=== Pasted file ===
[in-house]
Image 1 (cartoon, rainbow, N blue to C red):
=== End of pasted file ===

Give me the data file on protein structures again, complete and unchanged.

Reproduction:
[in-house]
Image 1 (cartoon, rainbow, N blue to C red):